40735970850_c452cb0259.jpg

 

If you can zoom in on the picture I posted you can see the rubber lining as well on the chain guides. Looks like yours is worn away due to the long bolt issue.

Edited by sondat
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Zooming in on your picture I see some clearance to the guide, I'd give it a go myself.

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What about this windage tray inside the valve cover? It has some kind of sealant over the screws that was cracked and falling off. I chipped it all off and took all the screws out and cleaned it all up.. Should I locktite the screws in??CqLPpWP.jpg

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Anything else I need to know about putting the valve cover on? Torque specs?

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I see no problem using locktite on the those screws....

I cleaned up mine but never removed it...

 

And there is nothing special needed to do on the valve cover....

I just tighten by hand.... 

I think torque specs would be about 10ftlbs.... 

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Most definitely keep that tray in place. It prevents spray from the cam and oil fog from getting to the vent hose above it

 

Valve cover bolts are around 5 ft. lbs. Better too light than strip the threads. I hold ratchet as close to the center as I can and just wrist tighten. The gasket will compress over time so check in a few days and if loose or leaking add a bit more. This way you can re-use it several times rather than compressing it all at once.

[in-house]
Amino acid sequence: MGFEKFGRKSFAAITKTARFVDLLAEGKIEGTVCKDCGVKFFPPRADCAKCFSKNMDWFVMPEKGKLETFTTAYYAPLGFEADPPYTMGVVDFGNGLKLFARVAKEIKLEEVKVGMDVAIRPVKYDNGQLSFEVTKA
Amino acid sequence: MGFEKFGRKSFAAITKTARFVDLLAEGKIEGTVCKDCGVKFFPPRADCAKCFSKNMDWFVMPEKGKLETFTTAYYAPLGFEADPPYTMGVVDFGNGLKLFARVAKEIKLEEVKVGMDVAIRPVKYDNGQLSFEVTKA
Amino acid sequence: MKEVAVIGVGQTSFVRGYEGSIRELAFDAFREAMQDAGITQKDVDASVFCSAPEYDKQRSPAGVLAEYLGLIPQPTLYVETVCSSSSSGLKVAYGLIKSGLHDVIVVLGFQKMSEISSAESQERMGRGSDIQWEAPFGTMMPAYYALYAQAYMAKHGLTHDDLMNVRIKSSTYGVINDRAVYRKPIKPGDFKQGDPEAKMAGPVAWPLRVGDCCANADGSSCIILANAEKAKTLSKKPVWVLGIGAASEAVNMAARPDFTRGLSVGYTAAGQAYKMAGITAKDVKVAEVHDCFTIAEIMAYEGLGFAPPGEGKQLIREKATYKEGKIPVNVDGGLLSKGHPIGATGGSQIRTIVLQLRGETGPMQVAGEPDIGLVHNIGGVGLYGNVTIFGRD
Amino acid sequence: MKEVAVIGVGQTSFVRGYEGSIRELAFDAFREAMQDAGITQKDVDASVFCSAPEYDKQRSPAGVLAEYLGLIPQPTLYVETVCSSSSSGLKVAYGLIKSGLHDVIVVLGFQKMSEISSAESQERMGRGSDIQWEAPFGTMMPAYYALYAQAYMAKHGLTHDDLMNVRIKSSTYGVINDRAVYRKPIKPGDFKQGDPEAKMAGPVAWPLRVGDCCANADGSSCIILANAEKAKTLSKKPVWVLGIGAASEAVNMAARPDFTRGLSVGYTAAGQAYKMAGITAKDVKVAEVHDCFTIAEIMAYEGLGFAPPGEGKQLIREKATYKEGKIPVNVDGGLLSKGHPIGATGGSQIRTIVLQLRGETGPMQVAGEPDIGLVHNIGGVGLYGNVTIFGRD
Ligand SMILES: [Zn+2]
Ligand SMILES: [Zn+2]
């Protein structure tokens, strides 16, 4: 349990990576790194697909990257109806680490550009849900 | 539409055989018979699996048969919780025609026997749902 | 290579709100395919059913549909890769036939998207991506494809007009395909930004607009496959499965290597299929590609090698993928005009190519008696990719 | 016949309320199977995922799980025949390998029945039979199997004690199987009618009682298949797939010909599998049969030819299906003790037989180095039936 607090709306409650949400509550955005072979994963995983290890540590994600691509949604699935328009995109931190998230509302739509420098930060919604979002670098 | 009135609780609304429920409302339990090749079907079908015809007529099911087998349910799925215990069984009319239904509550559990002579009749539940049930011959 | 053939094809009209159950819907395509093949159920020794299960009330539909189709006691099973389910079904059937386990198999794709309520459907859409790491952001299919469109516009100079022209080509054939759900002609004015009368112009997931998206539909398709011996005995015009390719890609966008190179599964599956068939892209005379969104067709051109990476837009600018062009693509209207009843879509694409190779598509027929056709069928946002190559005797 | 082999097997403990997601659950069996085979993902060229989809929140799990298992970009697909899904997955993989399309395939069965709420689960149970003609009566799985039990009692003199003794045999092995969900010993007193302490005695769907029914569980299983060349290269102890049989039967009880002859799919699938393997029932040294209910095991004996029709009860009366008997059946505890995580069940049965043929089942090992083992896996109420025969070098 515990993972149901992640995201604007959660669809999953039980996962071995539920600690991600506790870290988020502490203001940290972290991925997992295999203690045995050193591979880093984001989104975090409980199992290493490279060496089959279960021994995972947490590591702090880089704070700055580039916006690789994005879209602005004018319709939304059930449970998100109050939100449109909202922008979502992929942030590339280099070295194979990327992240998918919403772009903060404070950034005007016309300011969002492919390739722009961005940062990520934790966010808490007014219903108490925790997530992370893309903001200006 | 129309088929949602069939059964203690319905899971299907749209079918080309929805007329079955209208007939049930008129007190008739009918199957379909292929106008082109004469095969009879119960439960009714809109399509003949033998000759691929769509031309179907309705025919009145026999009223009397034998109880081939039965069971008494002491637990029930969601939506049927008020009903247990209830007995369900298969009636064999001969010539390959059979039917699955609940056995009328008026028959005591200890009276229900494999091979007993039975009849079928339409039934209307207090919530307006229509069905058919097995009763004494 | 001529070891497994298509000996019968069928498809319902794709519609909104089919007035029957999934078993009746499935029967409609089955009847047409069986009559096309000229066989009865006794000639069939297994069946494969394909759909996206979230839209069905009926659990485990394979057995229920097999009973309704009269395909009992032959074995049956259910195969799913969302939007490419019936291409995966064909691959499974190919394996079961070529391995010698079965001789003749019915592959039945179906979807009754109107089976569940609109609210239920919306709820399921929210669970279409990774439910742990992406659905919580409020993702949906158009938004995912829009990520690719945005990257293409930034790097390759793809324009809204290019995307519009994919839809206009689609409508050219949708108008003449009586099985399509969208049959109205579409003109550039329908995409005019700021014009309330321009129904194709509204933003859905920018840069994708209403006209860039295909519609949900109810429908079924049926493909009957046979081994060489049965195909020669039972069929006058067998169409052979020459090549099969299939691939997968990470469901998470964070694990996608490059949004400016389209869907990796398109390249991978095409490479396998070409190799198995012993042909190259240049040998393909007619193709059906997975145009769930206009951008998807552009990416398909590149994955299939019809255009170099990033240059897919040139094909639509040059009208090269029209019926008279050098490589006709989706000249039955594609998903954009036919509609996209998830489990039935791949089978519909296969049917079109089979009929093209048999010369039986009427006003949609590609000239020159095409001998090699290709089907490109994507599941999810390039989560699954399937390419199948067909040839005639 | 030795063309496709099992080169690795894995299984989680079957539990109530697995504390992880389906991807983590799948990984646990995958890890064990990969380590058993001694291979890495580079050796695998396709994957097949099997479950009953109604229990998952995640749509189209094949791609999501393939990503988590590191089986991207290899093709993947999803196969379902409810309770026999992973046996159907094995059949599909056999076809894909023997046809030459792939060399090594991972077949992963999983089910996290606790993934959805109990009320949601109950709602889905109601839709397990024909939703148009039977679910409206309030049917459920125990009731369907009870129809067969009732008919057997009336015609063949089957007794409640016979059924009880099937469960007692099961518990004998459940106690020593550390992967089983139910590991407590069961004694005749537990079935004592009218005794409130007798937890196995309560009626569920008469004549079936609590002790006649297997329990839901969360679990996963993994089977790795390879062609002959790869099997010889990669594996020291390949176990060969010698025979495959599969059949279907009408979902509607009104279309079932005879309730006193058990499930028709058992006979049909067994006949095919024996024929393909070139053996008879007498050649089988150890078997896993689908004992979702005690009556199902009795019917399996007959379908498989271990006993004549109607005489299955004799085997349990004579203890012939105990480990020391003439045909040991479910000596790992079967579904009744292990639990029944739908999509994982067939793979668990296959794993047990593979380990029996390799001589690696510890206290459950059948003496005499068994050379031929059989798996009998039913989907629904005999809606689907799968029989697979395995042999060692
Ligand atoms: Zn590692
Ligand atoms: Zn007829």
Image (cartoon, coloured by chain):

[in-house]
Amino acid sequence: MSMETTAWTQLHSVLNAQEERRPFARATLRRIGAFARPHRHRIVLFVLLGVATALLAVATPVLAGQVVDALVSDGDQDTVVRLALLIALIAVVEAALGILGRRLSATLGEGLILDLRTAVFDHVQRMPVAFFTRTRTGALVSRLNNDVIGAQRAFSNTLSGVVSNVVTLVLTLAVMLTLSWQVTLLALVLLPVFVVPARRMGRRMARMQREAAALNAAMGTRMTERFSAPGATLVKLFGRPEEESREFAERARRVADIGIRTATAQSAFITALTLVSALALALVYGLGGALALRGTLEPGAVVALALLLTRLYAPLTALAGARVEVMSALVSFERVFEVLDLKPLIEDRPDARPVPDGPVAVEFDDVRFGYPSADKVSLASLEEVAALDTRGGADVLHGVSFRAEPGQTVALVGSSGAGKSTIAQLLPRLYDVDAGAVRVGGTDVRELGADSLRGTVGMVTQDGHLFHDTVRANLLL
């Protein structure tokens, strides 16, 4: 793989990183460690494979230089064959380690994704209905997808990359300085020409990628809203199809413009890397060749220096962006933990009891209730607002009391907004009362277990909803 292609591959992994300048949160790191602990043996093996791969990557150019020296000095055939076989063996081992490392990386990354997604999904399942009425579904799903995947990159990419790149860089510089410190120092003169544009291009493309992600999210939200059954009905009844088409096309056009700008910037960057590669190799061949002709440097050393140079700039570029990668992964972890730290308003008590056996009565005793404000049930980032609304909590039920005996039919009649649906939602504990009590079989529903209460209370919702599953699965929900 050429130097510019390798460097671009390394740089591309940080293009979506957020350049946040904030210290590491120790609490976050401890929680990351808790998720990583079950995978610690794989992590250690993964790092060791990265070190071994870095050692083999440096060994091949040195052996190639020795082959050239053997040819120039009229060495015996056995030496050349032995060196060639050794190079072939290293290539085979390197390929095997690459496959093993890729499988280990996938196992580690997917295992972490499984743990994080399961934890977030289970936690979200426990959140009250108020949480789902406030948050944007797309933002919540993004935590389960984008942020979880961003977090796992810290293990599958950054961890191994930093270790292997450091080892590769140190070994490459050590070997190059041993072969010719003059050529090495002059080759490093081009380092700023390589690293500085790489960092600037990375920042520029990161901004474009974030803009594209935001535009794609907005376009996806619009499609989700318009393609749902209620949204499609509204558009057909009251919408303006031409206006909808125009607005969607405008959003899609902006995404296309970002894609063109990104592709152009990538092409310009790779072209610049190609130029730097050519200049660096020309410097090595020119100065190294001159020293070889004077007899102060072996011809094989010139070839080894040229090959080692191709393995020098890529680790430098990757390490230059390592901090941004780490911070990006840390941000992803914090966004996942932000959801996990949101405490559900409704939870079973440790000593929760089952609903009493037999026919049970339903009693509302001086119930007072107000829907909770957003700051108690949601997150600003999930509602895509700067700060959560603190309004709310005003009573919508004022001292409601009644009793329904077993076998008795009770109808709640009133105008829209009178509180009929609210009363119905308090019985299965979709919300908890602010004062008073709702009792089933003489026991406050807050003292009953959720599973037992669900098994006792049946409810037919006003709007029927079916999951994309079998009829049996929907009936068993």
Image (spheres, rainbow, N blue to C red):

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Thanks guys. I’ll let you know how it goes when I can take her for a drive later this week.

 

John

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I agree, you can over tighten them and get on trouble, I do the same thing as Mike, use my wrist to tighten them rather than the handle, same with the oil pan but even less pressure.

Pulling apart everything apart can get you in trouble, only remove what you need to remove, I have owned my Datsun 521 work truck for almost 25 years and I have never given that shield in the valve cover a second look, I have never removed one.

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I thought they were riveted in place....

 

...and it's always easier to take stuff apart. Not so easy or fast to put back together. Sometimes an adjustment is lost and needs resetting, like a carburetor, sometimes it takes 5 tries to get it back together correctly, then there are non reusable things like a seal or gasket that has to be replaced. Often you break something that was working just fine if it was only left alone. One of the most important things that often take so long to learn is... Don't fix what ain't broken and it's cousin...  leave shit alone.

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11 minutes ago, datzenmike said:

I thought they were riveted in place....